Your New Favorite Cut: What's a Bavette?

Salting a whole bavette muscle, known to American butchers as the bottom sirloin flap.

To know Rosso & Flynn is to know a burning curiosity in the sources and methods by which our food is produced. But when we’re finished ensuring that our meat comes from the highest-quality humane ranches in Central Texas, our curiosity remains, and we start to seek out the tasty cuts not always available from the local butcher shop. Today we’ll take a look at the bavette (known by several other names, as we’ll discuss), a meaty, flavorful cut from the sirloin that plays a great alternative to flank steak and an upgrade from the skirt.

Shop bavette and Wagyu bavette.

Where has the bavette been hiding?

For starters, the term bavette is not some random deviation from the naming customs of typical American butchery; sticking to our (admittedly  less exciting) stateside convcntions, the cut is known as the bottom sirloin butt flap (or simply flap or flap meat), so you can understand why it took another introduction under its French name for the cut to gain a following. The French went with “bib” rather than “flap,” an example of their finer taste when it comes to marketing.

If you went to an American butcher shop and requested a cut that was both coarse-grained and well-marbled, the butcher might assume you’re buying on a budget, and would probably point you in the direction of a skirt steak, known for its gangly muscle fibers, the common “don’t forget to cut against the grain!” refrain, and its fitting place as a grill favorite that is then chopped into small pieces, to counteract the tough fibers that will produce overly chewy steak if eaten whole.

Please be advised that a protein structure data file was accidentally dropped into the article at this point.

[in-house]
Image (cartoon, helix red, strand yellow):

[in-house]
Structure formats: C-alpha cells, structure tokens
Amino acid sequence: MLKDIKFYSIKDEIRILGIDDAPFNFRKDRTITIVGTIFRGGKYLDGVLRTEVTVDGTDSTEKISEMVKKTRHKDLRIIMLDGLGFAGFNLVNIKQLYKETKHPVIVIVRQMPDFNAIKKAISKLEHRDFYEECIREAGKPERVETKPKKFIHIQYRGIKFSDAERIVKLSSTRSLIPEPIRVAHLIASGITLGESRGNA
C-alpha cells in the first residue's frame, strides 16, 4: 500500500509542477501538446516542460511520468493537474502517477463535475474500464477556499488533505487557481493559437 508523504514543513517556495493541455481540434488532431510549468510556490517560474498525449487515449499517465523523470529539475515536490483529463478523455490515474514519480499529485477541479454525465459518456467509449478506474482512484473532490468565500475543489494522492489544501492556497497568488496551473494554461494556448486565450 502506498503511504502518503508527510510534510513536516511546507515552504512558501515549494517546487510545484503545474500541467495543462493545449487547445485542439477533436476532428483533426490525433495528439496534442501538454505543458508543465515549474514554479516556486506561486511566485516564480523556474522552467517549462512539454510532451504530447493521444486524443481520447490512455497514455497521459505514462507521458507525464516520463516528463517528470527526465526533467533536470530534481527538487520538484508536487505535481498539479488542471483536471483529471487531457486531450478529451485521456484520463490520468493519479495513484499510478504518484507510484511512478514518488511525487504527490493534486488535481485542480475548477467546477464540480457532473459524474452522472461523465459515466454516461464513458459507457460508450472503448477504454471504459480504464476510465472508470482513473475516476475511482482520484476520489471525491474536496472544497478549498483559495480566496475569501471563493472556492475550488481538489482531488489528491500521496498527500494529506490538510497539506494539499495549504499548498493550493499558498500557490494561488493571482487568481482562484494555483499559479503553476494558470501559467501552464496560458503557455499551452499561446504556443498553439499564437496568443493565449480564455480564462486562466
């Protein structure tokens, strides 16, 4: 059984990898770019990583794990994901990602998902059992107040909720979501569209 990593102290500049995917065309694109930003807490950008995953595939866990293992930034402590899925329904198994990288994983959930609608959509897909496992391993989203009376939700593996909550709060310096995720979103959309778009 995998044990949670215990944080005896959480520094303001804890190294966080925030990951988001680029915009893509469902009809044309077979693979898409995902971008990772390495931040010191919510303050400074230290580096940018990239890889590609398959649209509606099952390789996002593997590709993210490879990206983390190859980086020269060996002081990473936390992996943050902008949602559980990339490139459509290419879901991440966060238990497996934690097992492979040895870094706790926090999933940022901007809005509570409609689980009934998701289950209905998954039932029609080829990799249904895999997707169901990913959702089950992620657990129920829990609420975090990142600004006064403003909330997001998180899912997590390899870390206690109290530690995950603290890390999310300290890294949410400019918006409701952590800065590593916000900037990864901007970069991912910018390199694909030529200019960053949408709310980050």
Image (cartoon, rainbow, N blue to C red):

However, if you mentioned that it was “steak night” at the house, your butcher may suggest the bavette, which shares the beefy fibrous nature of skirt steak, but eats better as a individual steak when cut down to size. Like the skirt, the bavette is a long flat strip (hence flap or bib). The texture falls somewhere between the very coarse skirt steak and the neatly fibered but definitely beefy flank steak. Also, unlike the flank and skirt, the bavette is snuck up into the bottom sirloin, rather than coming from the belly.

A closer look at the relatively coarse muscle fibers of the bavette

Cooking bavette

Like the flank and skirt, the beefy texture of the bavette takes well to marinades, both as a tenderizing agent and a flavor-enhancer. For individual steaks, cut the bavette into individual steaks (with the grain, when cutting down to steak portions) and cook on a very hot grill or pan. Let rest, and, you guessed it, cut against the grain!

Read a steak frites recipe from the New York Times

For the ultimate skirt steak-style fajitas, though, marinate the bavette in a zesty marinade (I enjoy a kiss of garlic and soy as well) and treat like a muscle on the grill. Because the flap is thin, you can generally treat it with a hot fire without risk of burning the surface before getting the center to temperature. As we usually suggest, a pack of corn tortillas and a lime can take this cut from unknown to star of taco night.

Like all Rosso & Flynn beef, our bavette comes from grass-fed, pasture-raised cows, raised the right way, right in the heart of Texas. Sourced from Dean & Peeler Premium Beef in Poth, and Ranger Cattle Fullblood Wagyu, right here in Austin.

Grilled, sliced bavette steak.

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